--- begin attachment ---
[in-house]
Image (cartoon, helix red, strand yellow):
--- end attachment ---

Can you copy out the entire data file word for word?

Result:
[in-house]
Image (cartoon, helix red, strand yellow):